Both answers (by dmageiras and Manfred R. Bihy) are correct and got my 5, despite of the overly trivial nature of the issue.
 
A note for you: there are not pointers in .NET (except in unsafe stuff). There are reference and value types, method parameter passing by reference or by value. The difference is not just terminology. No one can be possible "not experienced" with them, otherwise whole programming activity would be just useless.
 
I cannot see any practical sense in you code; so, if this is just to learn the background -- my respect. Good luck!
buzzytom at 26-Dec-10 15:59pm
   
Thank you for your comment. All useful information. I outlined that the program was a quick creation outlining my problem. My problem in hand is actually creating an undo function for a larger program by means of storing instances of an object in a list.
 
I am very new to actually using CodeProject and presumed this was the place for such matter. I shall have to Google ByRef and ByVal. I seem to remember them from my VB.Net days :p
Rate this: bad
good
Please Sign up or sign in to vote.

Solution 1

As you have guessed the problem is pointers in window constructor:
 
            OriginalObject = ObjectToEdit;
            ModifiedObject = ObjectToEdit;
 
            //Make 'ModifiedObject' Different
            ModifiedObject.List.Add(9);
 
Both OriginalObject and ModifiedObject point to ObjectToEdit which means that modifying ModifiedObject changes occur to OriginalObject also since they both point to ObjectToEdit.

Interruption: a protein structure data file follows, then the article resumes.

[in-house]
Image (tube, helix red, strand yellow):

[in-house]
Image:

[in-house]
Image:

One soulution is to make ObjectToEdit inherit from ICloneable and override Clone().
Then, change ctor to:
            OriginalObject = ObjectToEdit.Clone();
            ModifiedObject = ObjectToEdit.Clone();
 
Thus, each variable will point to different objects and your message boxes will work fine.
 
Hope this helps.
  Permalink  
Comments
dmageiras at 26-Dec-10 15:25pm
   
Thanks for accepting my answer.
buzzytom at 26-Dec-10 15:15pm
   
Thank you so much. Had me stumped for ages :p This worked perfectly and a very speedy reply. I think it will be researching into pointers :)
Rate this: bad
good
Please Sign up or sign in to vote.

Solution 2

Hi BuzzyTom,
 
in the constructor of your class named window you're assigning one object named ObjectToEdit to both variables OriginalObject and ModifiedObject.
That means both variables now contain a reference to the same object explaining what you're seeing in the message boxes.
 
The instantiations you're doing at the top of the class are overwritten in the constructor and thereby completely superfluous. Besides that it's not good practice to do instantiations on the class level. It's better to place them into the constructor.
 

Cheers,
 
Manfred
  Permalink  
v2

This content, along with any associated source code and files, is licensed under The Code Project Open License (CPOL)

  Print Answers RSS
0 Sergey Alexandrovich Kryukov 469
1 CHill60 465
2 OriginalGriff 325
3 PIEBALDconsult 285
4 BillWoodruff 193


Advertise | Privacy | Mobile
Web02 | 2.8.141015.1 | Last Updated 26 Dec 2010
Copyright © CodeProject, 1999-2014
All Rights Reserved. Terms of Service
Layout: fixed | fluid

CodeProject, 503-250 Ferrand Drive Toronto Ontario, M3C 3G8 Canada +1 416-849-8900 x 100